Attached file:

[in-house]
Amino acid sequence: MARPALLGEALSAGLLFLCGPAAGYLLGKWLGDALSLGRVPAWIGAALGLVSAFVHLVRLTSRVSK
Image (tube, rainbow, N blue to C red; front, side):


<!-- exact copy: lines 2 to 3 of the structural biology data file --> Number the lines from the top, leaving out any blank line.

Amino acid sequence: MARPALLGEALSAGLLFLCGPAAGYLLGKWLGDALSLGRVPAWIGAALGLVSAFVHLVRLTSRVSK
Image (tube, rainbow, N blue to C red; front, side):